October 12, 2010

Teens investing sweat equity in town projects

From left, Jesse Collins, Kirsten Cote and Corena Zwicker spackle one of
 the meeting rooms at the Upper Village Hall, one of several Community Service
 Learning Opportunity crews dispatched weekly by The Upper Room.
Union Leader Correspondent

 — If the walls of the Upper Village Hall could talk, they’d probably say “thank you” to a group of local teens who have been working hard to bring some luster back to the old town hall.
Last week Jesse Collins was back, perched at the top of a ladder in one of the hall’s many meeting rooms, smoothing a glob of spackle near the ceiling, while Corena Zwicker, halfway up another ladder, called for an assist from Kirsten Cote.
“Come over here — I can’t climb down the ladder; my hands are full,” said Zwicker, reaching out for Cote’s hand.
hey were among five teenagers on spackle patrol and rusty nail removal duty last week. When they resume work this week, it will be all about painting — and that’s just one stop on the weekly two-day sweep of good deeds by the CSLO crew. 
CSLO is shorthand for Community Service Learning Opportunity, an outreach of The Upper Room, which connects local teens with area organization’s in need of elbow grease. 
Under the direction of program assistant Michelle Mobsby, local teenagers are recruited and dispatched to invest a little sweat equity in their community. In return, they gain experience, confidence and the kind of good feeling you get when you step outside your own limited space to try to make the world a better place.
“These youth are amazing — some are involved to earn community service hours for college and job applications; others are required to participate by the court system, but they all do a great job. They are a great bunch of young people,” Mobsby said.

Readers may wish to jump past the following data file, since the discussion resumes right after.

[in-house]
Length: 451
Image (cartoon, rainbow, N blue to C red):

The Upper Village Hall has been a regular stop for the work crew since last spring, said Mobsby, which means their efforts are having a cumulative effect. The fruits of their labor are starting to show. 
“This building has come a long way in a short time, and for us, it’s a particularly meaningful project. There’s so much history here, so they actually get to learn a lot about the town and the history of the building while they work,” Mobsby said. “That’s really the whole point of the program, to have kids learn about what makes this community special while making a meaningful contribution of time and energy.” 
Mobsby said every Wednesday and Thursday she schedules work sessions throughout the Greater Derry area, dispatching small groups of local teens who are either looking for something constructive to do after school or who are doing time as part of the court’s diversion program. 
For those kids, such work groups often steer them in a better direction and result in lasting relationships within the community — which is the whole idea behind courtmandated service. 
Other regular pit-stops for work crews have included gravestone cleaning at Valley Cemetery, stocking shelves at the local food pantry, and a variety of household chores or shopping trips with Community Caregivers of Greater Derry. 
“We’re always looking for programs in need of volunteers,” said Mobsby. 
Groups looking for volunteers for work in Derry, Londonderry, Sandown, Chester or Windham should contact Mobsby at 437-8477. 

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